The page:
This weekend there are traditionally more people at Mass. It is Palm Sunday and many people make an extra effort to make sure they get their palms. They will bring them home and put them behind a crucifix or a holy picture in the den or a bedroom. This is a wonderful tradition if it is done from the right understanding and spiritual motive. For too many, perhaps, the palm becomes some kind of good luck charm, some superstitious assurance that God will keep evil away from their home. But it is not that at all. When we receive the palm we are saying that we want to be like that crowd that welcomed Jesus into Jerusalem. We acclaim Him as our Savior and pledge to follow Him each day. When we see the palm in our homes, it should remind us to re-dedicate ourselves to live as His disciples. What do the palm, the crucifix, or the holy pictures mean if they hang in a home filled with anger, selfishness, a lack of forgiveness and little love? As we enter this Holy Week, therefore, we need make sure that it is a holy week for us. The events the church celebrates are the very center of our redemption. We truly need to participate in them. Holy Thursday is when Christ, preparing to offer His life for us, gives us the Eucharist. The last supper of Christ is the first supper of the Church in which He shares with His followers down through the ages the salvation He will win for us on the cross. Good Friday is the day when, beaten and broken, He takes our sins upon Himself and atones for them by His obedience to the Father. Then comes victory! Holy Saturday and Easter Sunday we acclaim Him risen from the dead, destroying sin and death, our final enemy. That victory is ours as well if we truly receive the gift He wishes to give us. There is little reason, it seems to me, for true disciples not to participate in each of these momentous moments. Jesus asks us, “Will you watch with me?” What is our answer? If you are at the mall on Thursday or Friday night, how sad. What does the palm really mean to you?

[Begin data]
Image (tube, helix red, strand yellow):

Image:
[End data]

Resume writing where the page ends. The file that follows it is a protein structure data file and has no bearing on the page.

top of page
bottom of page